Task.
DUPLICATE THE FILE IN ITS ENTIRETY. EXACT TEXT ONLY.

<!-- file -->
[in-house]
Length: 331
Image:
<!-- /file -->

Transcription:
[in-house]
Length: 331
Image: